The selection system has yet to be decided, but Cardinal William W. Baum and Archbishop Jean Jadot, the apostolic delegate in Washington, will make the final determinations.
Another agonizing choice will be the three area families who bring the communion hosts to the pope during the mass. Officials have already decided there must be one white, one black and one Hispanic family to reflect the composition of the Washington archdiocese, a church spokesman said.
The basic schedule for the pope's tour of the United States and his itinerary in Washington are largely fixed, in some cases down to the minute. But requests for special consideration from individuals, groups and some of America's most influential leaders continue to pour in to church offices.
The pontiff is scheduled to arrive in Boston Oct. 1, address the United Nations in New York Oct. 2, visit Philadelphia Oct. 3 and Des Moines, for a few hours, Oct. 4. He will spend the nights of the 4th and 5th in Chicago, then arrive in Washington at about 11 a. m., Oct. 6.
But despite the apparent finality of this schedule, Cleveland and Baltimore officials are still pushing for the pope to visit their cities, according to church sources. Sen. Howard M. Metzenbaum (D-Ohio) plans to call the Vatican tomorrow to press Cleveland's case, his press aide said.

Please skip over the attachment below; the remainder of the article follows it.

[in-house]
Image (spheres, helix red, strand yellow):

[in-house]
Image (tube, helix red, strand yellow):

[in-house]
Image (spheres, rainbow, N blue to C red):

Eighty senators signed a letter to House Speaker Thomas P. (Tip) O'Neill last week asking him to invite Pope John Paul to address a joint session of Congress while he is in Washington. Church officials said the pontiff probably will not have the time.
After arriving at Andrews Air Force Base on the morning of Oct. 6, plans call for Pope John Paul to be flown by helicopter to a site by the Lincoln Memorial reflecting pool, then proceed in a motorcade to St. Matthew's Cathedral near the corner of Rhode Island and Connecticut avenues NW.
There he will probably celebrate a mass for area priests, eat lunch at the rectory and possibly address the crowds from the rectory balcony.
The pope will arrive at the White House at 1:30 p.m. for a private meeting with President Carter and then the Carter family. Afterwards, a reception is planned in the East Room and on the South Lawn for more than 4,000 guests, including members of Congress, the judiciary and other branches of government. The public should be able to watch from the Ellipse.